Amino acids are biologically important organic compounds composed of amine and carboxylic acid functional groups, along with a side-chain specific to each amino acid. The key elements of an amino acid are carbon, hydrogen, oxygen, and nitrogen, though other elements are found in the side-chains of certain amino acids. About 500 amino acids are known and can be classified in many ways.
In the form of proteins, amino acids comprise the second-largest component (water is the largest) of human muscles, cells and other tissues. Outside proteins, amino acids perform critical roles in processes such as neurotransmitter transport and biosynthesis.
9 proteinogenic amino acids are called “essential” for humans because they cannot be created by the human body and must be taken in as food. Others may be conditionally essential for certain ages or medical conditions. Because of their biological significance, amino acids are important in nutrition and are commonly used in nutritional supplements, fertilizers, and food technology.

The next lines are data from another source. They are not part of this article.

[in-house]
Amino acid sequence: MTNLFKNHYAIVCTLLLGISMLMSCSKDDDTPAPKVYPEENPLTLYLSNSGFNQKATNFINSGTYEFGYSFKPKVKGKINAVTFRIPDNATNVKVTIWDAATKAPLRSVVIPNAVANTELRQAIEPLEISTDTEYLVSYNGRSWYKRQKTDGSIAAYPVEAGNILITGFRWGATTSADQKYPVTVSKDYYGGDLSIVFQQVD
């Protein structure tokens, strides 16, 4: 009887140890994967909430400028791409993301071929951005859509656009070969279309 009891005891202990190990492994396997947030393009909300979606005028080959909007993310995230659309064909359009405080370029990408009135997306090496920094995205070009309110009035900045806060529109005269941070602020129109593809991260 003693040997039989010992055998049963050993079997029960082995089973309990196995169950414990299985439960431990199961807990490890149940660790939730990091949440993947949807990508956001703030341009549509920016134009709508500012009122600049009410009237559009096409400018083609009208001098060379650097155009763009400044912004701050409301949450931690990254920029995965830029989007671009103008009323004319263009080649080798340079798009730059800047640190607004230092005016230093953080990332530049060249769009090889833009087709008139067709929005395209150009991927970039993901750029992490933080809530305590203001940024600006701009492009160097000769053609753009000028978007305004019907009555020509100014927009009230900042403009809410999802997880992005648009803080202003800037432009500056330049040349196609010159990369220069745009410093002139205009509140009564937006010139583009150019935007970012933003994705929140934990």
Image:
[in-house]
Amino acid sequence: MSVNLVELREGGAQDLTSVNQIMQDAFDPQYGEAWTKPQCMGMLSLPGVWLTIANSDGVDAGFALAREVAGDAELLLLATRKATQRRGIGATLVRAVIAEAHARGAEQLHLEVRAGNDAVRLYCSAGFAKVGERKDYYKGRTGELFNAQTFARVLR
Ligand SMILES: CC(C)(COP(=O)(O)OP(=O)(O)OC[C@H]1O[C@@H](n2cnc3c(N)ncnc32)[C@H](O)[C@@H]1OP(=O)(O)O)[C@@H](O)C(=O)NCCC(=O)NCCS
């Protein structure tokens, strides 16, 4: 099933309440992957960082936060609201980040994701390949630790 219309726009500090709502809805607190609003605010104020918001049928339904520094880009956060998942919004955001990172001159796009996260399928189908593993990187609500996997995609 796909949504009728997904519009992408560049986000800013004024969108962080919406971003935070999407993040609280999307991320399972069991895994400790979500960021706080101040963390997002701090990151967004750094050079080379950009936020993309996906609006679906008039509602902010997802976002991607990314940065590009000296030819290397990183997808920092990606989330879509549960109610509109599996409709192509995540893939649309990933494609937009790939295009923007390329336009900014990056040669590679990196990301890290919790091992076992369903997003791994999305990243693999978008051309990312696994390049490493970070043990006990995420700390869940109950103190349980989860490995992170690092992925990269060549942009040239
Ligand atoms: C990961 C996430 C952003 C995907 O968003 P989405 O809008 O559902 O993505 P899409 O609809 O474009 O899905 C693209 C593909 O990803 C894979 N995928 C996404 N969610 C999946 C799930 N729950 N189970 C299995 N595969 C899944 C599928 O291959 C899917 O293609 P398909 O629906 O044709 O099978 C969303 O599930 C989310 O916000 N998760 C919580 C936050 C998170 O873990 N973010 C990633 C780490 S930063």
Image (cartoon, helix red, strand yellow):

Excerpt from: Wikipedia.
Amino acids are fundamental constituents of all proteins found in the body, such as: alanine, arginine, asparagine, aspartic acid, cysteine, cystine, glutamic acid, glutamine, glycine, histidine, isoleucine, leucine, lysine, methionine, phenylalanine, proline, serine, threonine, tryptophan, tyrosine, and valine.
In skin-care products, these types of ingredients act primarily as water-binding agents, and some have antioxidant properties and wound-healing abilities as well. However, these substances cannot affect, change, or rebuild wrinkles. Whether the protein in a skin-care product is derived from an animal or a plant, the skin can’t tell the difference.
Excerpt from: Paula’s Choice Website.